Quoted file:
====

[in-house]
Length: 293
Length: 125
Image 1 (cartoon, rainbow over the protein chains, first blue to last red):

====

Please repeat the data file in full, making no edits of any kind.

[in-house]
Length: 293
Length: 125
Image 1 (cartoon, rainbow over the protein chains, first blue to last red):